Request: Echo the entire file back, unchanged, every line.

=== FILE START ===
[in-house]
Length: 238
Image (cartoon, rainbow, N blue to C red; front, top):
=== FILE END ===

[in-house]
Length: 238
Image (cartoon, rainbow, N blue to C red; front, top):